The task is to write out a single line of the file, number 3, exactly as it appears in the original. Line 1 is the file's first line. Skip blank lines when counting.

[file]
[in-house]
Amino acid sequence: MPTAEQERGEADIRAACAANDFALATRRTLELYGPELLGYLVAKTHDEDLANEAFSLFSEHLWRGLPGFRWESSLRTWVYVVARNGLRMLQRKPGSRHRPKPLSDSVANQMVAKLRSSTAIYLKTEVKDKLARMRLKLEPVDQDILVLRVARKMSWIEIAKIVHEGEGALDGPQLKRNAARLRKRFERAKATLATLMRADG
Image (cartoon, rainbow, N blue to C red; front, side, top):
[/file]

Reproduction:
Image (cartoon, rainbow, N blue to C red; front, side, top):